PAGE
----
State’s obligations in armed conflict are regulated by both national and international law. Yet, in case of conflict, the obligation under international law shall have primacy over that of national law. A state cannot derogate its obligation under the IHL and IHRL for the minimum guarantee of human rights and humanitarian protection during the armed conflict irrespective of its nature as an IAC, NIAC, or internal disturbance. International law requires the states to investigate and prosecute violations of CIL, IHRL, and IHL which constitute international crimes, in particular genocide, CAH, war crimes, or other gross violations of human rights, and other serious violations of IHL. Furthermore, the characterization of the crime of genocide as jus cogens gives rise to the obligation erga omnes to investigate and prosecute the crimes and not to allow any impunity to the perpetrators. Victims’ right to truth, justice, and remedy also underpin this obligation. Omission to investigate and prosecute past atrocities gives rise to a separate breach of international obligation and constitutes a continuing internationally wrongful act.
The factual study undertaken in the thesis reveals that during the 1971-armed conflict, Pakistan’s use of force against the Bengali people breached substantive obligations under IHRL, IHL, and CIL and gave rise to the procedural obligation to investigate and prosecute the crimes and provide the victims a remedy. Yet, Pakistan only undertook a judicial inquiry and no investigation or legal proceeding ensued. On the contrary, Bangladesh has been prosecuting Bengali perpetrators pursuant to the obligation erga omnes. However, its attempt to bring Pakistani perpetrators to justice had failed due to Pakistan’s opposition, international pressure, and geopolitics.
The obligation for atrocious crimes particularly CAH, war crimes, and genocide are not barred by limitation. So, this study proposes that as per the applicable IHRL, IHL, and CIL Pakistan is required to investigate and prosecute the 1971-atrocities and provide a remedy to the victims. The omission of this obligation constitutes continuing internationally wrongful act which Pakistan must cease. Also, Pakistan’s breach of the jus cogens norm created an obligation erga omnes allowing any state to exercise universal jurisdiction for accountability of the perpetrators.
This research finds that prosecution of the 1971-atrocities is possible under national or international judicial forum constituted for this purpose. Like Bangladesh, Pakistan may constitute a domestic tribunal, or both states may agree to establish an international tribunal. An international tribunal constituted under the UN mandate would ensure both fair justice and criminal accountability. Yet, due to long delay and geopolitics, establishing an international tribunal might be difficult and non-criminal accountability like “recognition” and “reparation” might be an alternative justice. An International Fact-Finding Commission constituted either under the Geneva Conventions or UN resolution might be engaged in determining liability for the 1971-atrocities. The unimpeachable nature of the Commission’s determination can mitigate tension between Bangladesh and Pakistan regarding the denial of the 1971-atrocities. Moreover, states’ recognition of the Commission’s determination might discharge their obligation erga omnes concerning the 1971 Bangladesh genocide, and offer minimum justice to the victims.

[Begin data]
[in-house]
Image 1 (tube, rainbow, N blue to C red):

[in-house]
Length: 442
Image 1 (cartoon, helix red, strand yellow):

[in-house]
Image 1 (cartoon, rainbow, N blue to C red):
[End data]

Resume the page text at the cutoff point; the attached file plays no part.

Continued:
OTHERTapos Kumar Das, Prosecuting Pakistani Perpetrators in absentia, 2021.
The article explores justification for the accountability of the Pakistani perpetrators for their involvement in the 1971 Bangladesh Genocide. On account of the limited or no possibility for the physical appearance of the Pakistani war criminals, it explains the legality and legitimacy of their prosecution in absentia.Reservation, Equality and Non-discrimination,
Reservation in public service, concept of equality and non-discriminationFraming of Bangladesh Constitution: Some Unsettled Questions,
Framing Histrory of Bangladesh ConstitutionWay to Prevent Marine Environment Pollution,
Causes of Marine Environment Pollution and Protection Measures under UNCLOS IIIDelay in Dispensation of Justice,
Causes of Delay in Dispensing Justice and Mitigating MeasuresRight to Encounter?,
Extrajudicial Kiling and Self-defenceEnforcing Court-Sponsored ADR,
Awareness for ADRProtection Regime for Minorities,
Minority Rights, Minority Protection and Minority CommissionExpectations from the new Chief Justice,
Public confidence, Public Perception and ExpextationWho will Compensate the Victim?,
Just and Proportionate Remedy for Victims of ViolanceCompensatory Justice to the Victims of War,
Pain and Gain, Victm's Right, ProportionalityTrial of International Crimes: Strategic Change is Due,
Speedy Trial, Effective remedy, RecognitionPost War Justice Initiative: Collaborative Approach is Required,
Post War Justice, Plea Bargaining, Guity Plea
Advanced LLM in Public International Law (Peace, Justice and Development)
Secured LLB (Honours) with Upper Second Class
Secured First Class in LLM with Second position
Secured First Class in LLB(Honours) with First position
Position: Lecturer and Assistant Professor of Law
Period: November 2009 - August 2014
Period: 2006 and continuing
Position: Editorial Member
Period: 2016 and continuing
Position: Editorial Member
Period: 2016 and continuing
Position: Editorial Member
Period: 2015 and continuing
Position: Executive Member
Period: 2015 and continuing
Position: Assistant Programme Coordinator
Period: 2017 and continuing